Reason as the Leading Motive

South African Rand

Posted by Jerry on April 3, 2007

A recent article issued from Johannesburg and written by Eusebius McKaiser, a doctoral philosophy candidate and Rhodes scholar at Oxford University, pointedly states that South African policymakers can certainly learn much from Rand’s philosphy of individualism and rational self-interest. 

McKaiser argues that the country should deliberately focus on promoting capitalism as the method of alleviating social evils and permit unhindered, individual self-actualization  in order to empower the black community.

Of course, being that Rand formulated a very radical philosophy, McKaiser’s persuasive method in the article reveals some traces of comprimising on Rand’s philosophy and softening her extreme positions in order to make it palatable to the South African audience. For example, upon reading the article, one gets the sense that he defends capitalism and selfishness on the grounds of the positive benefits it engenders in communities–that the poor are enriched and the standard of living is raised. This is an “end justifies the means” argument, which is an extremely flimsy base upon which to defend capitalism–or any idea for that matter. Rand defended capitalism by establishing an ethical and moral connection between politics and metaphysics, i.e., man’s nature.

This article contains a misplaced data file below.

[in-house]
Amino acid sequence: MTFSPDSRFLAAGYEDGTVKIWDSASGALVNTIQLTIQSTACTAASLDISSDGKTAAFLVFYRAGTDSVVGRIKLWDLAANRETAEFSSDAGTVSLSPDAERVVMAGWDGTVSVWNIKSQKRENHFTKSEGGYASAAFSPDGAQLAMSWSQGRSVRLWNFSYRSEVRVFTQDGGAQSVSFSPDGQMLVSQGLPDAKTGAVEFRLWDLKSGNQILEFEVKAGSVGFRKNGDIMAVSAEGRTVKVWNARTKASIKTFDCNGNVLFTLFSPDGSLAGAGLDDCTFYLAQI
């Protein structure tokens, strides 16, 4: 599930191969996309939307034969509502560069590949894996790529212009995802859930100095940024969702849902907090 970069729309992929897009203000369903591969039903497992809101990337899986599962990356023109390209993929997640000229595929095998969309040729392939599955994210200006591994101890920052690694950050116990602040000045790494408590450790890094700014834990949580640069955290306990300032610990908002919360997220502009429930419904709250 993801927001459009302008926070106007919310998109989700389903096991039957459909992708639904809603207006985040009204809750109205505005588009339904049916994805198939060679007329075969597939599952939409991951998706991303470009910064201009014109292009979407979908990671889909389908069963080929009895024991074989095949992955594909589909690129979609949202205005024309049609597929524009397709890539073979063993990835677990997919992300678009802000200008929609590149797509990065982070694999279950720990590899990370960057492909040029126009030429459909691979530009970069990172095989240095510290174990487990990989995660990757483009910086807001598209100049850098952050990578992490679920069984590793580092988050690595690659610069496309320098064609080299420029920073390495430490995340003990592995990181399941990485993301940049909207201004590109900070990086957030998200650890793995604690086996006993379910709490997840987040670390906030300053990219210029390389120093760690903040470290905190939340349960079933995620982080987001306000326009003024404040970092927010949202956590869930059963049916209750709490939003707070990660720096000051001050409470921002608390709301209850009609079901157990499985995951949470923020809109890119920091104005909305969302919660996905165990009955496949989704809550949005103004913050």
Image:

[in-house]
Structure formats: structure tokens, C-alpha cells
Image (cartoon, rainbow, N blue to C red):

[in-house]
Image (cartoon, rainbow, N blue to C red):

Given the volitional nature of man, a world comprising entirely of rational men and women is both a logical and an empirical impossibility. The most one can hope for is that at least the ones who wield influence on important levels of academia, government, and industry act on rational principles. McKaiser’s article is one good indication of Objectivism’s gaining respect and reexamination among academics and policymakers around the world.  


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